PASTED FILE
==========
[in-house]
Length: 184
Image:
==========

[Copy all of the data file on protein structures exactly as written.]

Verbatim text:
[in-house]
Length: 184
Image: